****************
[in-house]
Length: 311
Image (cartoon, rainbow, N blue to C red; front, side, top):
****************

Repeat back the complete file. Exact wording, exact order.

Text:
[in-house]
Length: 311
Image (cartoon, rainbow, N blue to C red; front, side, top):